True enough, maintaining healthy urban environments is critical, but in balancing the urban with the natural, one must identify and respect the leverage the former has with regard to the latter in terms of environmental degradation. The equation is surely not equal on both sides, and the Western Slope should be allowed to take its own preventative measures concerning that most vital of natural resources. It is within this framework that nonuse could have a profound impact.


Thus, what results from the example in Grand County and Aspen is a veritable catch-22; in an effort to ensure that water is not put to waste (as the appropriative regime defines the term “waste”), it is the exact opposite that occurs. Preventing economic waste perpetuates environmental waste and degradation. Profit maximization and the “use-it-or-lose-it” ideal has a pernicious effect on environmental conservation, and this is true even more so during times of drought. As Willow Creek rancher Witt Caruthers explains, “Colorado’s water system created an incentive to use our water even in times when it’s not absolutely necessary. When you’re under that pressure to use it or lose it, you’re almost forced to abuse it.”

We must remain practical when it comes to diverting and using water in times of shortage. Sustainability for future generations must not be ignored, nor should we remain tilted towards temporary solutions that keep festering wounds dormant. Moreover, conservation should not bend in the face of urban luxury. If we are to continue to survive in the arid regions of the West, we must give nature the respect it is due. Centuries after Howell pleaded his case for abstention, we have moved far beyond the point of no return.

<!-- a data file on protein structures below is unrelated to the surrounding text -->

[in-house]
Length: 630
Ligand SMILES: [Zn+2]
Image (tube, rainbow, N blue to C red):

For the ranchers and irrigators in Grand County and Aspen, and for the rest of us who occupy the fabled West, where water is so very important to the social fabric, the issue remains: how can we ensure that our waters are preserved not only in times of drought, but also for their own sake, and for the sake of all those both present and future that depend on water for their survival. To this we continue to search for an answer, but at least in the interim, we have become aware of the benefits of nonuse.


John Wesley Powell, Report on the Lands of the Arid Region of the United States, With a More Detailed Account of the Lands of Utah, 1, 3 (1879)

Bruce Finley, Colorado water plan draft goes to Hickenlooper to address shortfall, THE DENVER POST (Dec. 10, 2014).

John Stroud, Conservation, urban interests clash at water board meeting, POST INDEPENDENT (Sept. 11, 2014)

Jedidiah Brewer, Robert Glennon, Alan Ker and Gary Libecap, Transfering Water in the American West: 1875-2005, 40 U. Mich. J. L. Reform 1021, 1022-27 (2007).

With water, Coloradans are all in the same boat, THE DAILY SENTINEL (Sept. 13, 2015)

Bruce Finley, Colorado cuts into use-or-lose system that caused water waste, THE DENVER POST (June 16, 2015),

COLO. REV. STAT. ANN. § 37-92-305(c)(II)(A) (2015).

Brent Gardner-Smith, Colorado River roundtable prioritizes water projects, ASPEN JOURNALISM (March 30, 2015)

Collin Szewczyk. Project aims to restore Roaring Fork flow levels, ASPEN DAILY NEWS (Aug. 31, 2015)

Sarah F. Bates, Reed D. Benson, James N. Corbridge, Jr., David H. Getches, A. Dan Tarlock, WATER RESOURCE MANAGEMENT: A CASEBOOK IN LAW AND PUBLIC POLICY 134 (Foundation Press 7th ed. 2002).
Colo. Dept. of Nat. Resources, Instream Flow Program, (last visited Sept. 13, 2015) (explaining that because of water scarcity and environmental characteristics, reasonable preservation of the natural environment in Colorado is paramount and, therefore, the Colorado Water Conservation Board distributes rights for nonconsumptive uses of water in an effort to preserve and maintain water levels and quality to a reasonable degree). Colorado cuts into use-or-lose system,

Gregory J. Hobbs, Jr., Bennett W. Raley, Water Rights Protection in Water Quality Law, 60 U. Colo. L. Rev. 841, 877 (1989).

Bruce Finley, Colorado cuts into use-or-lose system that caused water waste, THE DENVER POST (June 16, 2015),